To connect the two devices, the typical Bluetooth pairing operation is the first step. Once you have them paired, the watch will immediately disconnect and vibrate once. Now you need to go to the app on the phone where the first screen you have upon opening the app is the settings screen. At the top of the list is “Send Test Messages” which establishes and confirms a connection between the devices. Here you can send a test email, text, BBM or phone call to the watch. If you have trouble making the connection, a simple reset of the watch can be achieved by holding down the button for about eight seconds and once the time display returns, send another test message.

The 1.3 inch, 96 x 128 pixel organic light-emitting-diode (OLED) display offers fourteen different colours to use for the fonts and time display. This is cool. You have a choice of seven different styles for clock fonts and six different fonts for text. Customizing your inPulse is a breeze. In the Preferences section of the Settings just select the font of the colour from the drop down list in the app, hit the escape key to go back to the previous page and it changes in the watch within seconds. If you have multiple email accounts on your BlackBerry like I do, you can set it to vibrate differently for each one so you know which account is alerting you.

The time on the watch is set with the time on the phone and includes an alarm where you can customize the alarm message. When the alarm goes off, the watch vibrates, and displays a clock icon and your personal message. One thing I’ve found though is I’ve unchecked the “Enable Alarm” box in the alarm settings, but it continues to go off every day at the set time. It’s not a big issue but I’m sure Allerta will fix this in a firmware update.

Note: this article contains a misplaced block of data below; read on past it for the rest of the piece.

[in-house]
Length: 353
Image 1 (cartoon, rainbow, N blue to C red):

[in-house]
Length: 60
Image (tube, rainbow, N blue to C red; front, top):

For a device with such a light set of technical specs, it can perform a decent bit of functions. But, then again, the functionality comes from the application on the phone. The watch runs on a 52 MHz ARM7 microcontroller with 32 KB of programming space and 8 KB of RAM. The 150mAh lithium-ion polymer battery can last up to four days (depending on display and connection usage) before you need to charge it via microUSB. I just plug it in every night so I don’t have to worry about it.

Functions include email, calls, calendar, messages

The Allerta inPulse smartwatch is one sweet device that I’ve been waiting almost two years to get from the time I first heard about it. It’s designed by a Canadian company based in Waterloo, Ontario and is so new, most people will not have heard of it. I have definitely impressed a few people with it so far and look forward to continuing to do so. You can see more information about the watch and the company who makes it at http://getinpulse.com. They’re such a great group of people. Even the CEO, Eric, has been so helpful in my ordering process that he communicated with me personally via email. You don’t get that kind of service from just any company.

This is a very quick review of the inPulse watch. I may not have covered everything in great detail, but I think I can say that this is one device that any geek would be sure to love. And by the way, being a geek is cool these days.

Embracing Facebook

There was a time when I would say nothing nice about Facebook. I used to think it was such an invasion of privacy and I really couldn’t understand what the big draw was to the site. I was so put off by Facebook’s privacy polices that after numerous threats of doing so, I finally left the site.

But then I realized that once I was in a world without Facebook, I was kind of left put of the loop. I think a site with over half a billion active users says something. And it just so happens that most of the family members and friends I know are included in those half billion users.